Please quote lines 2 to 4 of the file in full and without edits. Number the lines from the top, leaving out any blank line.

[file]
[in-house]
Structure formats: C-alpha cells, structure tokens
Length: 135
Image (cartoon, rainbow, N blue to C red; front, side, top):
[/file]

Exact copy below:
Structure formats: C-alpha cells, structure tokens
Length: 135
Image (cartoon, rainbow, N blue to C red; front, side, top):